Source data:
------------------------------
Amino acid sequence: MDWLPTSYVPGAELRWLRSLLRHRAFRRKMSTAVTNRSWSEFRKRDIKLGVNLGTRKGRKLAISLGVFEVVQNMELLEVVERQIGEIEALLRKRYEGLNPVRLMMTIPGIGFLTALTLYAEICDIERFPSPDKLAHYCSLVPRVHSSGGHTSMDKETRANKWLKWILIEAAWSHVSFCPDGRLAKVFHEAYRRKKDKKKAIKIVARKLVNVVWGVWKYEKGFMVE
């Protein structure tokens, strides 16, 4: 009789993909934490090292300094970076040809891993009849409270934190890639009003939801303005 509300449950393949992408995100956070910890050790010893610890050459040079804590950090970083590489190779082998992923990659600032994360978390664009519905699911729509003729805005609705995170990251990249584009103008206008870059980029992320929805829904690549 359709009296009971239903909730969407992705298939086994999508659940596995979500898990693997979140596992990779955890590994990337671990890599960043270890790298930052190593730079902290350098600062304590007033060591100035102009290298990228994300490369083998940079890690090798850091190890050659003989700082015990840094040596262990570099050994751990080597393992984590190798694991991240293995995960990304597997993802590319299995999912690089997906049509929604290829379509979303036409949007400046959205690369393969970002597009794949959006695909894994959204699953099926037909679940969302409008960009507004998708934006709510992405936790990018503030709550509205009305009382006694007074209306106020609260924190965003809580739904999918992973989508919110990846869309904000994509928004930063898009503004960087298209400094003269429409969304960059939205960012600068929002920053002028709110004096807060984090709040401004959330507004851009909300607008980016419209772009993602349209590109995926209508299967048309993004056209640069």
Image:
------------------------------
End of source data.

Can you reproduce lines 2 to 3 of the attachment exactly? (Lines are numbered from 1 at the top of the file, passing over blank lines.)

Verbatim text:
């Protein structure tokens, strides 16, 4: 009789993909934490090292300094970076040809891993009849409270934190890639009003939801303005 509300449950393949992408995100956070910890050790010893610890050459040079804590950090970083590489190779082998992923990659600032994360978390664009519905699911729509003729805005609705995170990251990249584009103008206008870059980029992320929805829904690549 359709009296009971239903909730969407992705298939086994999508659940596995979500898990693997979140596992990779955890590994990337671990890599960043270890790298930052190593730079902290350098600062304590007033060591100035102009290298990228994300490369083998940079890690090798850091190890050659003989700082015990840094040596262990570099050994751990080597393992984590190798694991991240293995995960990304597997993802590319299995999912690089997906049509929604290829379509979303036409949007400046959205690369393969970002597009794949959006695909894994959204699953099926037909679940969302409008960009507004998708934006709510992405936790990018503030709550509205009305009382006694007074209306106020609260924190965003809580739904999918992973989508919110990846869309904000994509928004930063898009503004960087298209400094003269429409969304960059939205960012600068929002920053002028709110004096807060984090709040401004959330507004851009909300607008980016419209772009993602349209590109995926209508299967048309993004056209640069």
Image: